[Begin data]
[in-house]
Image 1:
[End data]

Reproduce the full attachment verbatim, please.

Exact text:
[in-house]
Image 1: